The latter is critical when it comes to serving as a household emergency back-up electrical power system, in addition to being able to store unneeded home solar electricity generated when grid demand and prices are low for later dispatch and sale, when they are higher. Nonetheless, early Powerwall customers were anxious and engaging in a bit of online hand-wringing and conjecture while waiting for their home battery energy storage systems to be installed. Just how much the final price tag would be featured prominently among messages posted on forums, including Tesla’s own Powerwall forum.
Tesla has been addressing these issues, but the question of what it costs to purchase and have a Powerwall 2 installed remains an open one given the leeway certified Tesla Powerwall installers have in determining and setting their own system installation prices.
Zeroing In on the Installed Cost of Tesla’s Powerwall 2
A visit to Tesla’s website to obtain a price quote and order one Powerwall 2 home energy storage system https://www.tesla.com/powerwall given a 3-bedroom home with 30kWh per day of electricity consumption and one-day of back-up power for lights, power outlets and a refrigerator yields the following:
|One 14 kWh Powerwall battery: $5,500|
|Supporting hardware: $700|
|Price for Powerwall equipment: $6,200|
|Requires $500 deposit for each Powerwall|
|Typical installation cost ranges from $800 to $2,000. This does not include solar installation, electrical upgrades (if necessary), taxes, permit fees, or any retailer / connection charges that may apply. Installation cost will vary based on your electrical panel, and where you would like your Powerwall installed. Installation will be scheduled after you place your order.|
So, Tesla’s own best estimates put the cost of getting a Powerwall 2 up and running in a US household at anywhere from $13,200 to $14,400. Is that good value for money? It’s too soon to say. We really need a good, large, diverse and representative sample of data sets under actual operating conditions to say anything definitively, or barring that, the equivalent in the way of independent field tests.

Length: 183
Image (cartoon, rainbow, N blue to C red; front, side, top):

By way of comparison, Palo Alto, Calif.-based startup ElectrIQ offers what it asserts is a more functional, flexible, “plug and play” smart home energy storage and management solution for $15,000. Equipped with a 10-kWh advanced lithium-ion battery system, the IQ System includes a fully integrated 7.6-kWh hybrid inverter. Centered on smart home Internet of Things connectivity and interoperability, the IQ System connects to a cloud-based home energy monitoring, control and management platform. initial shipments – concentrated in Hawaii and California, the two leading-edge US state markets by far – started in 3Q, ElectrIQ executives said in a recent interview.
In addition, Mount Shasta, Calif.-based Wholesale Solar had this to say upon reviewing the Tesla Powerwall 2 and Tesla solar PV roof tiles last November: “On paper the Powerwall 2 is a good deal, but based on specifications from Tesla and its battery partner, Panasonic, it remains to be seen whether the unit can truly live up to the hype.
“The technology seems better suited for electric vehicles, not ideally home energy storage (because this particular chemistry prioritizes smaller physical size over safety or longevity). We have systems immediately available with more storage capacity, more output, and more cycles for a competitive price.”
In fact, Wholesale Solar continues to recommend going with conventional lead-acid batteries as a back-up home energy storage solution. “Even if you are dead-set on going with the more modern lithium-ion batteries, we'd recommend at least waiting until early 2017 for competing batteries from Sony, Mercedes-Benz, etc. to come out. Some of them will use the safer LFP chemistry, and the additional time will give the market and early adopters a chance to figure out any potential kinks,” the solar PV and energy storage systems specialist wrote.Tweet